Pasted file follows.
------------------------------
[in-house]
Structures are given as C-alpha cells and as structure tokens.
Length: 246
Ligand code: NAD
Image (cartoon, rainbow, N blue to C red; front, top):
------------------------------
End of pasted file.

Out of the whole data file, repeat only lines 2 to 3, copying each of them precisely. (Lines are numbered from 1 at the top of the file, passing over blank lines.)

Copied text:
Structures are given as C-alpha cells and as structure tokens.
Length: 246